The INS was dismantled and folded into the Department of Homeland Security bureaucracy. A new agency within DHS, Immigration and Customs Enforcement (ICE) came into being, which continues to expand and deport immigrants with even greater zeal under the Obama administration, disregarding its inherent power to favorably exercise discretion (which it had no compunctions in exercising unfavorably to arrest and deport immigrants after 9/11). Several efforts to achieve CIR in Congress have failed. The last effort to pass the DREAM Act in December 2010 also failed. Even business immigration, which can spur growth and more jobs, has gotten bogged down because of national security concerns. An entrepreneur finds it next to impossible to obtain a visa for the purpose of establishing a branch of his foreign business in the US. This branch can potentially create more employment for US workers, but national security concerns trump job creation when we most need it. Various states are competing with each other to pass laws that will punish suspected immigrants who are not in lawful status.

There are admittedly other forces also at work. The sluggish economy, along with joblessness, can also serve as a disincentive for immigration reform, along with nativist backlash. But the main bogeyman has been national security, largely as a result of the trauma caused by the 9/11 attacks. Surely, the danger is not over. New members of Al Qaida can rise and retaliate against the US. But there is no one with the same mythical status as Osama bin Laden, who was able to perpetuae it by evading capture or death. His death, if it makes the world more safe, should lessen the trauma in the days, months and years to come.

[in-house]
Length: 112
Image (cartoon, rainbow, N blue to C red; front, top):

Can we hope for more sensible bi-partisan immigration reform, that will lead to economic growth and more prosperity as Michael Bloomberg suggested in the Wall Street Journal on May 1, 2011? Can we revert to our old values of not being fearful and embrace immigrants because of all the wonderful benefits they bring to the US? Can we restore due process because the erosion of the rights of immigrants ultimately result in the loss of rights for all? Can we overcome the fearmongering of rabidly nativist anti-immigration organizations through a more postive message that believes in the dignity of all persons including the immigrant?

There may be a sliver of a chance for all this to happen especially since Osama bin Laden is no more.